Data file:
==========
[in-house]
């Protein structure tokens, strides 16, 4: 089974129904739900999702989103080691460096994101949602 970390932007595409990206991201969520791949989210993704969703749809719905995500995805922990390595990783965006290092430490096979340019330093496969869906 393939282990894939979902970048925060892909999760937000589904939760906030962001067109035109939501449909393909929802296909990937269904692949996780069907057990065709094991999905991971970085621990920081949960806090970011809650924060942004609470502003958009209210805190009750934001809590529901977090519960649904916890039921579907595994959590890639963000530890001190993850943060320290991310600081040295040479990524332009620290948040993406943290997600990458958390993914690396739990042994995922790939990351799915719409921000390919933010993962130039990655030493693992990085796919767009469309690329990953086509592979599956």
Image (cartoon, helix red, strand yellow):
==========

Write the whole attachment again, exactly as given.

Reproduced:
[in-house]
């Protein structure tokens, strides 16, 4: 089974129904739900999702989103080691460096994101949602 970390932007595409990206991201969520791949989210993704969703749809719905995500995805922990390595990783965006290092430490096979340019330093496969869906 393939282990894939979902970048925060892909999760937000589904939760906030962001067109035109939501449909393909929802296909990937269904692949996780069907057990065709094991999905991971970085621990920081949960806090970011809650924060942004609470502003958009209210805190009750934001809590529901977090519960649904916890039921579907595994959590890639963000530890001190993850943060320290991310600081040295040479990524332009620290948040993406943290997600990458958390993914690396739990042994995922790939990351799915719409921000390919933010993962130039990655030493693992990085796919767009469309690329990953086509592979599956």
Image (cartoon, helix red, strand yellow):